I am steadily ridding the world of horrid shades of brown. It’s not that I don’t like brown, but I dislike some of its manifestations, which could be named:
Glastonbury 16 Slug Dysentery Other end Disgust
Most of which were in both our UK and French houses in abundance
Our UK home is on an island along with thirty-plus other houses. At the moment the small Victorian iron bridge – the only access to our homes – is being closed at night for repairs and a neighbour asked us all on the facebook page to vote on the colour/s it will be re-painted
The first person said ‘rust colour’!!
But, rust aside, the two colour schemes favoured are dark and light grey, and blue with white/cream. No-one has discussed the actual shades yet but the population seems split firmly down the middle on this, and I fear another ‘Brexit’ type situation – ‘Bridg-it’ perhaps?
The thing is, people in the UK tend to form a very strong opinion (as we have recently seen) and are polarised in their points of view. I do hope that families on the Island will not be torn asunder by such an important matter!
Personally I don’t think it matters which colour scheme suggestion they go with in name (if indeed we even get to voice an opinion) because surely it’s not whether it’s blue or grey, but whether it’s the right blue or grey, etc that matters
The sky may be grey rather than blue, but it’s still the sky
In the builders’ lunch area, two large paint pots and a board had been used to create a third seat at the Formica-topped table, and there were thermos flasks, bread, a frying pan and a camping gas stove. They may be the first people to sit down and eat a hot meal here in over forty years
That’s a wonderful thing, a landmark. Life is creeping back into the house
The removal of the roof began. It’s been windy and very cold but the guys really cracked on with removing the tiles. Almost all the original 17th Century beams are past saving and need to be replaced, which is disappointing, but an essential compromise toward stopping the decay in the rest of the house
Seeing the sky come into view (albeit a flat grey that even F and B would struggle to glamourise) through the open roof was a beautiful thing and it reassured me that anything is possible, that we will overcome whatever obstacles we face and rescue this house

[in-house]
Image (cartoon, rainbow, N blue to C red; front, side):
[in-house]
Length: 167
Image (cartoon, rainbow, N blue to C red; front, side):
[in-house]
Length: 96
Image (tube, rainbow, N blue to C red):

After a five month sabbatical, Gertrude has decided to lay again. This is a real joy as her eggs are not only very delicious, but very beautiful too. They have a colour which defies green and a texture that makes eggshell sound way too ordinary. An egg from Gerty is something to touch and to hold, a photo waiting to be taken
The closest colour I can find is Farrow and Ball’s French Gray. Though they are slightly paler, they have exactly the same balance of colours
Once, due to the girls taking meds we were not allowed to eat her eggs for 28 days. At that time she was laying every day so I stockpiled the eggs. They looked amazing as a group, but eventually I threw them out for fear of someone dropping the bowl!
‘Colour and I are One’. So said Paul Klee, one of the most exciting artists of the 20th Century. Certainly colour can provoke a strong emotional reaction, and this will be on a daily basis when used in our homes
Like so many people, I pore over colour charts and long to possess the shades therein. Choosing one is limiting, yet I also love the commitment of applying paint to wall after all the preparation
When we moved in to our first flat in Eton it was a blank magnolia canvas, so I indulged myself in reds, yellows and oranges. Baz soon joked that the rooms were becoming smaller due to the number of coats of coloured paint I applied. Then we moved to our little house and when Charlotte was born I painted all the walls in soft buttery yellows to be warm and uplifting. Sixteen years down the line I have replaced pretty much all of this, always happy to have an excuse to re-decorate. Repeatedly. Eventually the novelty wore off and RSI started to set in, and so our hallway still remains unfinished in one corner
I love the brights, but of course there are some wonderfully subtle yet highly pigmented shades, muddied and grounded by earth tones. These have been championed by the rather smug middle-class heritage paint producers, who seem to have plucked them out of an imagined past, charging us a premium for having given them their ancestry and poetic names (‘Elephant’s Breath’, ‘Mole’s Breath’,’Mouse’s Back’ etc.)
As for ‘Cats Paw’? – if I had a cat with paws that colour I would not expect it to come back from the vet…
A member of the family, a professional carpenter and decorator who can recognise the exact F and B shade painted on a wall, tells me that these colours can be reliably matched as trade paints way more cheaply and with higher quality paint, and that when someone asks for a particular F and B paint colour he uses a matched Leyland trade paint and his customers are very happy. So this is something I plan to research. It may be a disappointment, but I have to check it out because regrettably I have to take care of the pennies on the French house. And because it really appeals to my inner ‘Belligerent Bitch’ (which would no doubt be an intense blood-red on the chart)
Does anyone out there have any experience they can share of this matching service?